Donald Trump is planning to appoint son-in-law Jared Kushner to a presidential advisory position, aides said Monday, arguing that nepotism laws do not apply to White House appointees.
Trump appeared to confirm the Kushner appointment in short question-and-answer sessions with reporters, telling them that "we'll talk about that on Wednesday" at a scheduled news conference.
Aides said the husband of Ivanka Trump is working to wrap up his own business affairs in preparation for a move to Washington.
Kushner "is spending a lot of money on lawyers and compliance lawyers and has a real interest in bringing what has been tremendous business acumen and political instincts during the campaign into the White House as a senior adviser to his father-in-law the president," incoming presidential counselor Kellyanne Conway told USA TODAY.
Kushner played a very prominent role in Trump's presidential campaign.
He would not be the first son-in-law to work in a presidential administration, William Gibbs McAdoo served as Treasury secretary for President Woodrow Wilson. McAdoo, however, was a Cabinet official before he married Wilson's daughter, Eleanor.
In 1967, just a few years after President John Kennedy appointed his brother, Robert, as attorney general, Congress passed anti-nepotism laws barring appointments of relatives.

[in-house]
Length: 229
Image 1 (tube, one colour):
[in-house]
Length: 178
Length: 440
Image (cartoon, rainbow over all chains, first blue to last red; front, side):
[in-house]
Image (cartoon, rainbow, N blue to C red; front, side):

Trump aides cited legal rulings saying Congress cannot apply that law to executive branch appointments, including a case involving Hillary Clinton's work as chair of a health care task force created by President Bill Clinton.
Said Conway: "The president has the right to appoint who he wants if you look at the law.”
In his brief appearances before reporters, Trump declined to answer questions Monday about Russia and the election, but he did predict that the Senate will confirm all of his Cabinet nominees.
"Confirmation is going great," the president-elect told reporters at Trump Tower. "They're all at the highest level."
Wednesday's news conference is also expected to include discussion of what he will do with his business interests, Trump said: "It's very very easy to do."
Asked specifically about Attorney General nominee Jeff Sessions, Trump said: "No, I think he's going to do great. High quality man."
Trump also declined to answer questions about the intelligence report that Russia interfered in last year's election by hacking Democratic campaign officials. "We'll talk about that at another time," he said.
Trump spoke briefly with reporters after meeting with a key figure in his forthcoming presidency — Senate Majority Leader Mitch McConnell, R-Ky. — who also had little to say afterward.
"The president-elect and I had a good meeting about the Senate's agenda, which of course includes confirming the Cabinet appointments, (and) getting further down the road towards repealing and replacing Obamacare," McConnell told reporters at Trump Tower.
He added: "We simply talked about the Senate agenda and how we're ready to get going once he gets down there."
McConnell ignored questions about the intelligence report that Russia interfered in last year's election by hacking Democratic campaign officials, but he did respond to queries about ethics reviews of Trump Cabinet nominees.
"Everybody will be properly vetted as they have been in the past, and I'm hopeful that we'll get up to six or seven — particularly national security team in place — on Day 1," McConnell said.
Trump will be sworn in as the nation's 45th president on Jan. 20.